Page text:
Visits to New Providence, Haiti, and Cuba yielded merchandise Seacole could sell back in Kingston, and she was on her way to a successful career in trade when the old lady who had raised her in Kingston became ill. Seacole nursed her until the woman died, then moved into her mother's house, where she made herself useful, according to her autobiography, "in a variety of ways." Without more detail, she also establishes that it was around this time she married Edwin H. Seacole, an English merchant, and moved with him to Black River, where the couple established a store. But Edwin was sickly and kept alive only by the nursing and attention of his wife; finally, he grew so ill that they were forced to leave Black River for her mother's home. A month after they reached Kingston, Edwin died, and Mary was never to marry again, although in her autobiography she was quick to point out that her decision was not for lack of suitors.
Upon the death of her mother, Seacole inherited the boarding house. Now middle-aged, she endured a pattern that would remain with her the rest of her life: rich one day, poor the next. In 1843, the great Kingston fire destroyed the boarding house and left Seacole destitute. But she slowly began to rebuild, and her establishment took on the character of a convalescent home. When word spread of her nursing and medical skills, invalid military men flocked there, and she became more prosperous than ever.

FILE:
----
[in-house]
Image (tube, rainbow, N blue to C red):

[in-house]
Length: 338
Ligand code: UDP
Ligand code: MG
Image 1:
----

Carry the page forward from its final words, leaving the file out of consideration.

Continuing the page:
In 1850, Seacole had her first experience with cholera when the disease swept through Jamaica with terrible force. She had drawn on her experience of watching military doctors treat patients when she traveled to Cruces, on the Isthmus of Panama, to be with her brother. When cholera struck the town, which had no doctor, people turned to Seacole for medical help. After the worst of the epidemic passed, Seacole's reputation had earned her a considerable medical practice.
Seacole's desire, at the time, however, was to open a hotel in Cruces. At first she operated a "restaurant" but took in no lodgers. When the rainy months came to an end, she moved on to Gorgona, where she opened a dining room "some thirty feet in length." The business was a success, but Seacole grew bored. She was thinking about leaving Gorgona when a fire in town ended her enthusiasm for life in Panama. Handing the business over to her brother, she returned to Kingston in 1853.
In Jamaica, she found a yellow fever epidemic raging, which engaged her nursing efforts for eight months. A period of restlessness ensued, in which she returned to Gorgona to wind up her business affairs, then accompanied her brother to the town of Panama. From there she crossed the isthmus to Navy Bay at Colon, where she ran a store for about three months, then sailed some 70 miles to Escribanos where, according to her autobiography, she spent the only period of her life "devoted to gold seeking," at one of the stations of the New Granada Gold-Mining Company.